Earlier this year, A Tribe Called Quest slammed Trump and the Muslim ban at the GRAMMYs, punctuated by Busta Rhymes referring to Trump as Agent Orange during a broadcast that did its best to swerve every opportunity to take on the obvious political paradigm shift head-on. It was one of the more daring instances in live performance history where it pertains to rap, but there were hardly calls of Q-Tip and company having pulled off something revolutionary. From Rapsody to Vic Mensa—who physically stood in protest with indigenous people in North Dakota as Trump pushed to ravage their sacred land with the Dakota Access Pipeline—rappers have been outspoken about the president, his administration, the circus Washington D.C. has become and much more over the last 18 months to nuanced acknowledgement. Em isn’t even the first white rapper to take this route; G-Eazy and Macklemore hopped on the remix to YG’s “FDT” last summer.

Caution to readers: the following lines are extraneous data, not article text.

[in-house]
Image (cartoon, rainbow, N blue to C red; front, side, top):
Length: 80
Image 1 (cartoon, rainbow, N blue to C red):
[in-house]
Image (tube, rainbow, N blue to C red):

Furthermore, under the light, Eminem’s performance isn’t exactly a searing bullseye. He opened with wobbly attempts at humor—“That’s an awfully hot coffee pot/ Should I drop it on Donald Trump? Probably not”—and rarely strayed from his dismantling of Trump, a practice that ultimately distracts from the larger picture at stake. “We love our country and we love our military, but we fucking hate Trump,” rapped Em at the end of his freestyle. To spend that much energy on one individual—a vessel, a pawn really—while millions buckle under the pressure of a system designed to produce the society we currently live in actually suggests that Em is almost there, but even he may not fully understand what time it is.